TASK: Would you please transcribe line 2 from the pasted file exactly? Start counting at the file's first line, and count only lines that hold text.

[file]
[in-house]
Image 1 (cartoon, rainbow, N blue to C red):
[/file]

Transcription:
Image 1 (cartoon, rainbow, N blue to C red):